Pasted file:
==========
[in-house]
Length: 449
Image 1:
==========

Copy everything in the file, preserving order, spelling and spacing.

[in-house]
Length: 449
Image 1: